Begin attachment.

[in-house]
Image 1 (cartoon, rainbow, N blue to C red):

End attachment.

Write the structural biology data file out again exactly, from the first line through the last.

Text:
[in-house]
Image 1 (cartoon, rainbow, N blue to C red):